The history of this strawberry teaches some interesting lessons. Without puffing, nay, in spite of many hard speeches, with even the note at the foot of the list, in the Report of the American Pomological Society now before us that it is of “poor quality,” this fruit has spread in a quarter of a century over more than half a continent, and more thousands of bushels of it are consumed every year than of any other berry. How comes it that a fruit of “poor quality” should be so universally cultivated? May it not be possible that our standards of excellence need some revision? It would be a long list indeed that should contain the names of all the strawberries which have been brought out with great flourish of trumpets, as far better in quality and fully as prolific as Wilson’s Albany, that have had their day and passed into oblivion. The verdict of the public is in favor of the Wilson; it has stood the test of time, and of great variety of soil and climate, and we may as well accept that verdict, for it is doubtless correct.

There is a question, too, that one may easily ask, that is not so easily answered. What quality or peculiarity of constitution is possessed by this plant that it can adapt itself to all soils and climates, and be equally valuable and productive in Nova Scotia and in Florida, in Connecticut and in California?

What, too, shall we say of the skill of our hybridists? Although Mr. Wilson was always confident that his “Albany” was produced by a cross between Black Prince and Hovey’s Seedling, yet we believe he never pretended that he had artificially impregnated the one with the other, but that it was one of those chance cross-fertilizations which may happen under favoring circumstances. That it was certainly a cross between these two sorts cannot be affirmed. But what have the labors of our hybridists, who have taken the strawberry in hand, as yet accomplished? Where is the berry that has been the production of their skill, which has achieved anything approaching to such success? Many indeed have been the champions on the strawberry field who have came out in full panoply to run a tilt against this stripling, friendless and unarmed; but the smooth pebble from the brook has silently done its work; not even was the dull thud heard as it sunk into the brain; and when the champion fell, there was no crash nor jar, for he who came forth with such giant claims, shrunk, as he fell, to his true proportions.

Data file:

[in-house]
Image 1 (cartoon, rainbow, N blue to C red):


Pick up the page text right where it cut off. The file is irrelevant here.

There is a lesson, too, for “committees on new fruits.” McAvoy’s Superior, to which was awarded the prize of one hundred dollars in 1851, in twenty years had disappeared entirely from the list of the American Pomological Society, while the Wilson’s Albany, which first found a place on that list in 1858, has spread itself during these twenty years yet farther and wider, and stands to-day the acknowledged chieftain, despite the cold shoulder of fruit committees and critics. That which is really valuable, which possesses in any large degree the quality of usefulness, will find its own way into public appreciation; nay, will be sought out, and brought into notice without the help of committees, while that which fails in these qualities will go into forgetfulness, the silver cup, medal or prize serving only the purpose of a tombstone.

And last, we take issue with those who say that Wilson’s Albany is of poor quality. To our taste it is richer by far than Triomph de Gand or Jucunda. A false impression has gone out by reason of judgment having been passed upon the fruit when it was unripe; and as some who are supposed to be authority in such matters have given expression to this opinion, it has become the fashion among the “upper ten” of the horticultural world to call the berry “sour.” But when the fruit is allowed to become ripe, which is not when it first turns red, but when the seeds have become dark brown and the berries assume a mahogany color, then will its true richness and flavor be developed, and the fruit be found to possess that commingling of sweet and sour which is sprightly, refreshing and agreeable. For those whose taste demands a greater degree of sweetness, sugar may be added without destroying the flavor, but they will be few who will require much addition of saccharine beyond that which the perfectly ripened berry yields.

With a record such as the one we have now presented, the Wilson’s Albany will commend itself to the planter, whether he purposes merely to furnish his own table or to supply the market.




I am in trouble with my grape-vines. I have a small vineyard of about thirty vines, well trellised, some of them 1½ inches in diameter. They all started their buds properly this Spring, but since then one-half of them have remained in the same state, the buds turning yellow and looking sickly; I found a lot of small dark blue bugs on the buds, they appear to eat into the heart of the bud, and are difficult to catch. I made a solution of soap suds, putting one table spoonful of hellebore into one pailful, and watering the vines with a rose on the watering pot. I apply every Spring around each vine old rotted horse manure, raking in wood ashes, and keep the ground in clean order. Would you be kind enough to advise me what to do? It is very disheartening to lose the vines after so many years of care and labor. The vines are Delaware, Adirondac, Salem, Concord, Hartford, Israella, Martha (white), Eumelan, and Clinton. The Adirondac, Delaware, and Salem are most affected. I am trying to catch the bugs by hand, but find it damages the buds doing so. I intend sprinkling with soap suds until hearing from you.